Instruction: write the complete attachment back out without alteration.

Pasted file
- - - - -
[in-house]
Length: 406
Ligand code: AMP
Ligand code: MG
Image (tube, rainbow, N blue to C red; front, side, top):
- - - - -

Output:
[in-house]
Length: 406
Ligand code: AMP
Ligand code: MG
Image (tube, rainbow, N blue to C red; front, side, top):